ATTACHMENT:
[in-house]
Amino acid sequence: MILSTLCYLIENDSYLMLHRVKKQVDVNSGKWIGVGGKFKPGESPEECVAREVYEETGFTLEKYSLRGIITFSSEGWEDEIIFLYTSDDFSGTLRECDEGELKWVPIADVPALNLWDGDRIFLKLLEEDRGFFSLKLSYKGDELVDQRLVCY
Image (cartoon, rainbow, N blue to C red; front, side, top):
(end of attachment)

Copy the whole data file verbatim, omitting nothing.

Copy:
[in-house]
Amino acid sequence: MILSTLCYLIENDSYLMLHRVKKQVDVNSGKWIGVGGKFKPGESPEECVAREVYEETGFTLEKYSLRGIITFSSEGWEDEIIFLYTSDDFSGTLRECDEGELKWVPIADVPALNLWDGDRIFLKLLEEDRGFFSLKLSYKGDELVDQRLVCY
Image (cartoon, rainbow, N blue to C red; front, side, top):